Did performance problems happen overnight, or did they sneak up on you? Any clue what caused the performance problems (e.g. loading 20K users into .LRN)
Is the file system out of space? Is the machine swapping to disk constantly?
Isolating and solving database problems.
Without daily internal maintenance, most databases slowly degrade in performance. For PostGreSQL, see Section , “Vacuum Postgres nightly”. For Oracle, use exec dbms_stats.gather_schema_stats('SCHEMA_NAME') (Andrew Piskorski's Oracle notes).
You can track the exact amount of time each database query on a page takes:
Click on "Install New Application" in "Install from OpenACS Repository"
Choose "ACS Developer Support">
After install is complete, restart the server.
Browse to Developer Support, which is automatically mounted at /ds.
Turn on Database statistics
Browse directly to a slow page and click "Request Information" at the bottom of the page.
This should return a list of database queries on the page, including the exact query (so it can be cut-paste into psql or oracle) and the time each query took.
Identify a runaway Oracle query: first, use ps aux or top to get the UNIX process ID of a runaway Oracle process.
Log in to SQL*Plus as the admin:
[$OPENACS_SERVICE_NAME ~]$ svrmgrl Oracle Server Manager Release 188.8.131.52.0 - Production Copyright (c) 1997, 1999, Oracle Corporation. All Rights Reserved. Oracle8i Enterprise Edition Release 184.108.40.206.0 - Production With the Partitioning option JServer Release 220.127.116.11.0 - Production SVRMGR> connect internal Password:
See all of the running queries, and match the UNIX PID:
select p.spid -- The UNIX PID ,s.sid ,s.serial# ,p.username as os_user ,s.username ,s.status ,p.terminal ,p.program from v$session s ,v$process p where p.addr = s.paddr order by s.username ,p.spid ,s.sid ,s.serial# ;
See the SQL behind the oracle processes:
select s.username ,s.sid ,s.serial# ,sql.sql_text from v$session s, v$sqltext sql where sql.address = s.sql_address and sql.hash_value = s.sql_hash_value --and upper(s.username) like 'USERNAME%' order by s.username ,s.sid ,s.serial# ,sql.piece ;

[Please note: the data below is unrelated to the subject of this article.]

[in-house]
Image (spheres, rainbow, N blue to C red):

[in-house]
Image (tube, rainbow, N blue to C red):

To kill a troubled process:
alter system kill session 'SID,SERIAL#'; --substitute values for SID and SERIAL#
Identify a runaway Postgres query. First, logging must be enabled in the database. This imposes a performance penalty and should not be done in normal operation.
Edit the file postgresql.conf - its location depends on the PostGreSQL installation - and change
#stats_command_string = false
stats_command_string = true
Next, connect to postgres (psql service0) and select * from pg_stat_activity;. Typical output should look like:
datid | datname | procpid | usesysid | usename | current_query ----------+-------------+---------+----------+---------+----------------- 64344418 | openacs.org | 14122 | 101 | nsadmin | <IDLE> 64344418 | openacs.org | 14123 | 101 | nsadmin | delete from acs_mail_lite_queue where message_id = '2478608'; 64344418 | openacs.org | 14124 | 101 | nsadmin | <IDLE> 64344418 | openacs.org | 14137 | 101 | nsadmin | <IDLE> 64344418 | openacs.org | 14139 | 101 | nsadmin | <IDLE> 64344418 | openacs.org | 14309 | 101 | nsadmin | <IDLE> 64344418 | openacs.org | 14311 | 101 | nsadmin | <IDLE> 64344418 | openacs.org | 14549 | 101 | nsadmin | <IDLE> (8 rows) openacs.org=>
The first task is to create an appropriate environment for finding out what is going on inside Oracle. Oracle provides Statspack, a package to monitor and save the state of the v$ performance views. These reports help finding severe problems by exposing summary data about the Oracle wait interface, executed queries. You'll find the installation instructions in $ORACLE_HOME/rdbms/admin/spdoc.txt. Follow the instructions carefully and take periodic snapshots, this way you'll be able to look at historical performance data.
Also turn on the timed_statistics in your init.ora file, so that Statspack reports (and all other Oracle reports) are timed, which makes them a lot more meaningful. The overhead of timing data is about 1% per Oracle Support information.
To be able to get a overview of how Oracle executes a particular query, install "autotrace". I usually follow the instructions here http://asktom.oracle.com/~tkyte/article1/autotrace.html.
The Oracle Cost Based optimizer is a piece of software that tries to find the "optimal" execution plan for a given SQL statement. For that it estimates the costs of running a SQL query in a particular way (by default up to 80.000 permutations are being tested in a Oracle 8i). To get an adequate cost estimate, the CBO needs to have adequate statistics. For that Oracle supplies the dbms_stats package.